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Vera Tobing collection

(A study of a group of Toba Batak textiles most of which were inherited from two Batak women who were born in the last decade of the 19th Century and second decade of the 20th Century in villages around Tarutung, North Tapanuli, in North Sumatra (also known as the Silindung Valley)) - compiled by Pamela A Cross and Maria DRT Ambesa

these images are and may not be reproduced without the express permission of Pamela A Cross and Vera Tobing

click on main photo enlargement to go to Vera Tobing collection photogallery - click on any thumbnails to go to further photo enlargements

Ernestina br.Tobing

Ernestina br. Hutagalung was born on 1 August 1893 in the village of Huta Harean, one of the villages of the marga (clan) Hutagalung; (other villages of the same marga are Tuan Napitu and Ina-ina). These villages are in theToba Bakak lands of the Silindung valley near to the town of Tarutung, North Tapanuli, North Sumatra.

Ernestina was the eldest daughter of her father, Elkana Hutagalung and her mother who was a br. Sitompu. She had one full sister, Loise. The two girls' mother died when they were young and her father married again, a br.Simarangkir. Her stepmother brought up Ernestina and Loise as her own children so that the two girls were almost unaware of their mother's family, only discovering that they had a different mother and br. Sitompu family when they were adults. There were a further six brothers and five sisters from Elkana's second marriage (Johan, Elias, Jarius, Marius, Albinus, and one other boy and Jenny, Ashima, Maria and two other girls).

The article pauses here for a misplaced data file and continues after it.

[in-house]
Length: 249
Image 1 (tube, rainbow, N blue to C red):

Ernestina's father, Elkana Hutagalung, was a guru zending (teacher) of the Nommensen-Huria Kristen Batak Protestan (HKBP) Church. Ludwig Nommensen was a Rheinish missionary who founded the first Christian church in the Batak lands in the Silindung valley. Elkana taught in various missionary schools in the villages around Tarutung and Ernestina herself was taught to read and write in such a school (or schools).

Like most Toba Batak girls at this time Ernestina learnt to weave. The four ulos shown in the first row of the photogallery were woven by Ernestina during the first decade of the twentieth century when she was a namarbaju, in the period before her marriage - when she was living in Huta Harean. Namarbaju, usually between 14-18 years of age, was the most important period in a girl's life for weaving. Ernestina did not weave again until after her husband had retired and then reputedly 'only blankets'. The four ulos demonstrate that Ernestina was an accomplished weaver and that she was influenced by the weaving fashions of the time. They would have been worn over the right shoulder for going to church or for special occasions (adat ceremonies such as marriages, funerals or protective rituals such as at the seventh month of pregnancy). These ulos woven by Ernestina are not directly important adat textiles such as the ragidup or sibolang. However, we have photographic evidence of two of the ulos - the ragi hotang (or huting) namarsimata and the sadum - being worn many decades after they were woven by Ernestina's daughters.